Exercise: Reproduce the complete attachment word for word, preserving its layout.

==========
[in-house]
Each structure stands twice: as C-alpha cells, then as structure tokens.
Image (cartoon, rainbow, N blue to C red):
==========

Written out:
[in-house]
Each structure stands twice: as C-alpha cells, then as structure tokens.
Image (cartoon, rainbow, N blue to C red):